Residents picked through the rubble of destroyed buildings in central Chile on Thursday after a magnitude 8.3 earthquake killed eight people and sent powerful waves barreling into coastal areas, forcing more than 1 million people from their homes.
Violent aftershocks continued shaking the South American country on Thursday morning and locals said they feared another big quake, although the government lifted its tsunami warning.
“Everything is a mess. It was a disaster, a total loss. Bottles and glasses shattered and the pipes in the bathroom and kitchen burst,” said restaurant owner Melisa Pinones in the city of Illapel, near the epicenter of Wednesday’s quake.
In the coastal town of Los Vilos, residents tried to salvage belongings from dozens of beachfront homes that were destroyed or severely damaged when the strong waves swept in.
The government had ordered evacuations from coastal areas after the powerful quake hit, seeking to avoid a repeat of a quake disaster in 2010 when authorities were slow to warn of a tsunami and hundreds were killed.
The latest quake and the heavy waves that followed caused flooding in coastal towns and knocked out power in the worst hit areas of central Chile, although most buildings held up well. The quake was felt as far away as Buenos Aires in Argentina.
The port of Coquimbo suffered major damage, Interior Minister Jorge Burgos told reporters. Chile’s navy said the city was hit by waves of up to 4.5 meters (15 feet).
President Michelle Bachelet said her government “learned a series of lessons” from previous disasters and that she would travel to the worst affected areas. It was the strongest quake in the world this year and the biggest to hit Chile since 2010.
“We’re going to have go on the ground to see that the damages are and see where help is needed,” Bachelet said.
Chile is the world’s top copper producer and operations were suspended at two big copper mines as a precaution, sending prices on the London Metal Exchange CMCU3 to two-month highs in early Asian trading on concern over disruptions to supplies. Prices later dipped again after reports that were was no damage to mines.
State copper miner Codelco said it was keeping operations at its Andina mine suspended, but it had restarted operations at its Ventanas smelter.
Both Codelco and Antofagasta, which halted operations at its Los Pelambres copper mine, said they were carrying out inspections but they did not have any reports so far of damage. Los Pelambres is the closest major mine to the quake epicenter.
Chile’s state oil company ENAP said its two refineries were running at a minimal rate after staff were evacuated.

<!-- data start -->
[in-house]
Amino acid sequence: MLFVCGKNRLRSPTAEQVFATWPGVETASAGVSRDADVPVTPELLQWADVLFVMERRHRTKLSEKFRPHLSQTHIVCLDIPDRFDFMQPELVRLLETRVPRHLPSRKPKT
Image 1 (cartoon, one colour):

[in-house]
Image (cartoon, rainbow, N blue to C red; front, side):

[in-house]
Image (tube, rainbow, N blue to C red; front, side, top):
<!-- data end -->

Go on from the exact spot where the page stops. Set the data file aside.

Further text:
Tsunami advisories were issued for parts of South America, Hawaii, California and French Polynesia, although waves were generally expected to be small.
As far away as New Zealand’s remote Chatham Islands, some residents left their homes after reporting repeated ebbing and flowing of the tide, along with ocean noises associated with tide surge around midnight local time. There were no immediate reports of damage or injury.
Dozens of strong aftershocks continued to rattle central Chile, a largely agricultural region south of the mining belt, on Thursday.
In Illapel, a 26-year-old woman was killed by a wall that collapsed when the quake hit. Another person died from a heart attack in Santiago, according to media reports.
Quake-prone Chile has strict building regulations so newer buildings are able to withstand even strong quakes. Many homes in Illapel and surrounding areas are simple, adobe houses and are more prone to damage.
The brunt of the damage was borne by coastal areas such as Coquimbo where houses and fishing boats were smashed by waves.
“We’re going through a really grave situation with the tsunami. We have residential neighborhoods that have flooded. The ocean has reached the downtown area,” said Coquimbo’s mayor Cristian Galleguillos.
Chile is due to celebrate its national holiday on Friday, but roads were cut off and public transport canceled between Santiago and the north, local media reported.
The quake is the latest natural disaster to roil mining in Chile, which accounts for a third of global copper output. Northern Chile was hit by severe floods earlier this year, while a volcanic eruption caused problems for residents in the south.
Chile runs along a highly seismic and volcanic zone where tectonic plates meet and often experiences earthquakes. In 2014, an 8.2-magnitude quake struck near the northern city of Iquique. In 2010, an 8.8-magnitude earthquake in central-southern Chile triggered a massive tsunami, and more than 500 people were killed.
In the hours after that quake, President Bachelet and her government misjudged the extent of damage and declined offers of international aid. That delayed the flow of assistance to disaster areas, leaving many survivors feeling they had been abandoned by the government.
Bachelet’s government was also slow to prevent looting following the quake. Its failings hit her high approval ratings at the end of her presidential term, although she remained popular and was elected again in 2013. Reuters